By Amy Goodman and Denis Moynihan
In this context, one of the most important world meetings in history is taking place: the 21st Conference of the Parties of the United Nations Framework Convention on Climate Change, or COP 21. Virtually all the countries of the world are represented here, through its delegations, which are trying to reach an agreement before December 11, with the aim of avoiding catastrophic and irreversible climate change.
COP 21 is supposed to be the culmination of more than two decades of work within the United Nations to transform society, end the era of fossil fuels, start using renewable energy and dramatically reduce greenhouse gas emissions. greenhouse effect. A massive march was scheduled to take place in Paris on 29 November, the day before the climate summit began, in which more than 400,000 people were expected to participate. However, French President François Hollande declared a state of emergency after the attacks and banned the demonstrations. Critics of this decision argue that global warming is also a state of emergency and that expressing our opposition is the only thing that will save us.
Over the weekend, 10,000 Parisian and international activists formed a human chain that spanned several blocks in Paris. At the end of the action, the activists decided to flout the French authorities' ban on protests and tried to march towards the Place de la République, where thousands of people had placed candles and flowers in honor of the victims of the terrorist attacks. While the French President blamed protesters for destroying the memorial site for the victims, images taken by Democracy Now! show that protesters formed a cordon to protect the site from hundreds of riot police who fired tear gas, concussion grenades and pepper spray.
The day after the demonstration, at the climate summit, we met Yeb Sano, a former negotiator on climate change from the Philippines. We had last seen him at the Climate Change Conference in Warsaw, Poland, in 2013, as Typhoon Haiyan, one of the strongest in history, destroyed his country and claimed the lives of thousands of people. On that occasion, Yeb Sano emerged for having made an emotional appeal to the world to adopt urgent measures to combat climate change:
“Typhoons like Haiyan and their effects are a sad reminder to the international community that we cannot continue to delay action on climate. Perhaps it is poetic justice that Typhoon Haiyan is so large that its diameter equals the distance between Warsaw and Paris. " Yeb implored the other negotiators: “If we don't do something, then who? If not now when? If not here, where? Yeb Sano had just learned that his brother, A.G. Sano had barely survived the typhoon in his town of Tacloban, which was destroyed.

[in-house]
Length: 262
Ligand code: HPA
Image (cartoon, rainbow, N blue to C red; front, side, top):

The following year, as another terrible storm hit the Philippines, many were surprised that Yeb Sano was absent from the United Nations Conference on Climate Change, which was taking place in Lima, Peru. He had been removed from the delegation at the last minute, prompting rumors that under pressure from rich countries like the United States, Yeb had been punished for speaking his mind. On that occasion, Yeb Sano posted on Twitter: “They can silence my voice, but they cannot silence my soul”:
This year, Yeb Sano is participating again in the United Nations Conference on Climate Change. This time not as a negotiator for the Philippines, but as a grassroots activist. He has just walked 1,500 kilometers in 60 days from Rome to Paris on the Peoples' Pilgrimage for Climate Action. His brother, A.G. Sano, who is a street artist, walked by her side and along the way painted six wonderful murals showing pilgrims from around the world marching to Paris. Since he did not have an official accreditation to access the summit, I interviewed him outside the highly fortified security zone. A.G. Sano paid a tribute to a friend of his who passed away during Typhoon Haiyan:
“I came here to bring the voice of my deceased friend. I would just like to tell the world the name of my friend, his name is Agit Sustento. Climate change is as real as Agit Sustento. I was with him the night before he died and the last thing I told him was to take care of himself and his family because we were about to face the most powerful typhoon in history, and that was the last time I spoke to him. He lost his wife, his little son, his mother and his father. His son and his father's body were never found. And I promised that I would tell the world his name. His name is Agit Sustento and he will never see the sun rise again ”.
The best tribute to those who died here in Paris and to the countless victims of climate change would be to reach a fair, ambitious and binding agreement at the climate summit to help make the world safer, more equitable and sustainable.